To A City Of Amnesia
In the turmoil of these last weeks, many threads, but nothing coherent. These thoughts are in my mind:
Algonquin storyteller Ken Little Hawk of the Micmac shares a story that intimates how hard it is to be a “real human being” in this world… [A grandfather] brought [his grandson] to the edge of a beautiful lake. He gave the boy a stick and said, ‘see this stick? I want you to take it over to the edge of that lake and stir up the water.”
The boy did so. Then Grandfather instructed the lad to stir up the stones, sand, and even the plants that grew under the water with that stick. The boy, being a boy, was happy to do so, and soon the water was a cloudy mess of leaves and mud and sand whirling around. They boy stepped back to admire his work. After the cloudy water began to clear, the grandfather said to the boy, “Now I want you to put everything back exactly as it was before.”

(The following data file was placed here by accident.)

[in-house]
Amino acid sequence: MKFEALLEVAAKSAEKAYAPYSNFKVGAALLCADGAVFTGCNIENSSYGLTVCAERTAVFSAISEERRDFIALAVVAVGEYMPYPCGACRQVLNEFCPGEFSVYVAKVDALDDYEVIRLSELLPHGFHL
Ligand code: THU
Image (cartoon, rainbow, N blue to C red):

(Pritchard, p. 16)
This video was taken at Hallett Cove, a short walk from my home. The view looks to Roosevelt Island and the Upper East Side. Harlem is in the distance.
The Lenape, from the Algonquin Native American people, were, before colonists, the custodians of the land where I live in Astoria/Long Island City. Not much is known of their time here, but from the little I’ve read, this area was rich in food, which the Lenape came to hunt.
I have moved a lot, and with ease. I’ve come and go without any obligation to where I am going or where I am coming from. I have neglected learning this history of the land I live on.
I moved to a "city of amnesia" of 'displaced immigrants" in a "displaced world" (Pritchard, p. 19)
Prichard, Evans (1970). Native New Yorkers: The Legacy of the Algonquin People of New York.